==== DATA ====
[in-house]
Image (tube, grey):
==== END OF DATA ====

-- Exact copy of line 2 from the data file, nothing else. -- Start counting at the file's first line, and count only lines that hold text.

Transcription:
Image (tube, grey):